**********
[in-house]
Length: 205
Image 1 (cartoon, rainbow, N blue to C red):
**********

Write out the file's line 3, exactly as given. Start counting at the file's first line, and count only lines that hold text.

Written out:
Image 1 (cartoon, rainbow, N blue to C red):